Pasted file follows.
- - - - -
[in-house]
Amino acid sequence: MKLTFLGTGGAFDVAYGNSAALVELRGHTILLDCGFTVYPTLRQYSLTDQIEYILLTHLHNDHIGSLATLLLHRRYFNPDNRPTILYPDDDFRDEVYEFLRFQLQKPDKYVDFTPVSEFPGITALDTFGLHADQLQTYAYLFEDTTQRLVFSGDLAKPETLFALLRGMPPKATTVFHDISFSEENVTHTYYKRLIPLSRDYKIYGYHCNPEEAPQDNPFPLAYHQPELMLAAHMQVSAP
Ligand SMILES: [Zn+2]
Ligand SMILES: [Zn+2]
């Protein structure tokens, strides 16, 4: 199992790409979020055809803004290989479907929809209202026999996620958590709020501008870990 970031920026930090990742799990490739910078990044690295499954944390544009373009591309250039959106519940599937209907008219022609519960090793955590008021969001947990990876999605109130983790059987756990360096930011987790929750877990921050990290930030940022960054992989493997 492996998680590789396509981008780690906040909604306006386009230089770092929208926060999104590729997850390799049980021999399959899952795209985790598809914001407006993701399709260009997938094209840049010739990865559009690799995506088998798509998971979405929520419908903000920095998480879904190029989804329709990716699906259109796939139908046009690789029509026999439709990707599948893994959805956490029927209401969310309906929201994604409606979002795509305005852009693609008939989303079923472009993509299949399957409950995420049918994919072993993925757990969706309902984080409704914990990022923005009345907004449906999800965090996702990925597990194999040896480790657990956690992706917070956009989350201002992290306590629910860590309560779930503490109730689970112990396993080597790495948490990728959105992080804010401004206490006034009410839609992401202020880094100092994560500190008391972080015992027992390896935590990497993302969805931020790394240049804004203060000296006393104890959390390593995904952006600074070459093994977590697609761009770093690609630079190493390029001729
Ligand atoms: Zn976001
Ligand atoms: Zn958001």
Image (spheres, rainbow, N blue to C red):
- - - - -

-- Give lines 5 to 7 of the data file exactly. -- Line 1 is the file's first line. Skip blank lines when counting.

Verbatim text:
């Protein structure tokens, strides 16, 4: 199992790409979020055809803004290989479907929809209202026999996620958590709020501008870990 970031920026930090990742799990490739910078990044690295499954944390544009373009591309250039959106519940599937209907008219022609519960090793955590008021969001947990990876999605109130983790059987756990360096930011987790929750877990921050990290930030940022960054992989493997 492996998680590789396509981008780690906040909604306006386009230089770092929208926060999104590729997850390799049980021999399959899952795209985790598809914001407006993701399709260009997938094209840049010739990865559009690799995506088998798509998971979405929520419908903000920095998480879904190029989804329709990716699906259109796939139908046009690789029509026999439709990707599948893994959805956490029927209401969310309906929201994604409606979002795509305005852009693609008939989303079923472009993509299949399957409950995420049918994919072993993925757990969706309902984080409704914990990022923005009345907004449906999800965090996702990925597990194999040896480790657990956690992706917070956009989350201002992290306590629910860590309560779930503490109730689970112990396993080597790495948490990728959105992080804010401004206490006034009410839609992401202020880094100092994560500190008391972080015992027992390896935590990497993302969805931020790394240049804004203060000296006393104890959390390593995904952006600074070459093994977590697609761009770093690609630079190493390029001729
Ligand atoms: Zn976001
Ligand atoms: Zn958001």